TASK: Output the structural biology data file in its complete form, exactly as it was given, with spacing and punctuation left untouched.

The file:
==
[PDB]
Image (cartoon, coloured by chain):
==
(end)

[PDB]
Image (cartoon, coloured by chain):